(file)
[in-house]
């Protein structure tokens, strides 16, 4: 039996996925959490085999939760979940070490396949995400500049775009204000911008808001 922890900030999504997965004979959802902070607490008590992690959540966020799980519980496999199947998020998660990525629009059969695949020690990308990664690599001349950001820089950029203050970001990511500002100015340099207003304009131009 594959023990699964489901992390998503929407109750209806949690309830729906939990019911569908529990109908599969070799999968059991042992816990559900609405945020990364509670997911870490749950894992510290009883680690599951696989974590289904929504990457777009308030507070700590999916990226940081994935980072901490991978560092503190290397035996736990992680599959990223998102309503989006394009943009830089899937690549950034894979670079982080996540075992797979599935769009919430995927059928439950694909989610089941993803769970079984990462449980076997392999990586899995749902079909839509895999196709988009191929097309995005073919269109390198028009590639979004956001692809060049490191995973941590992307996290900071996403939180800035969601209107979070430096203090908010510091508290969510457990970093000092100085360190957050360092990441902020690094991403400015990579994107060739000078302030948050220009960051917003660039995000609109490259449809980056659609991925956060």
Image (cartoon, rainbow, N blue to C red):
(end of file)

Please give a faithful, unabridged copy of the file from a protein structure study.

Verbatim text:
[in-house]
């Protein structure tokens, strides 16, 4: 039996996925959490085999939760979940070490396949995400500049775009204000911008808001 922890900030999504997965004979959802902070607490008590992690959540966020799980519980496999199947998020998660990525629009059969695949020690990308990664690599001349950001820089950029203050970001990511500002100015340099207003304009131009 594959023990699964489901992390998503929407109750209806949690309830729906939990019911569908529990109908599969070799999968059991042992816990559900609405945020990364509670997911870490749950894992510290009883680690599951696989974590289904929504990457777009308030507070700590999916990226940081994935980072901490991978560092503190290397035996736990992680599959990223998102309503989006394009943009830089899937690549950034894979670079982080996540075992797979599935769009919430995927059928439950694909989610089941993803769970079984990462449980076997392999990586899995749902079909839509895999196709988009191929097309995005073919269109390198028009590639979004956001692809060049490191995973941590992307996290900071996403939180800035969601209107979070430096203090908010510091508290969510457990970093000092100085360190957050360092990441902020690094991403400015990579994107060739000078302030948050220009960051917003660039995000609109490259449809980056659609991925956060």
Image (cartoon, rainbow, N blue to C red):